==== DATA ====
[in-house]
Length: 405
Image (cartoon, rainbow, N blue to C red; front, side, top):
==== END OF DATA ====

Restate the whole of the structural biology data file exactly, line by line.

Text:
[in-house]
Length: 405
Image (cartoon, rainbow, N blue to C red; front, side, top):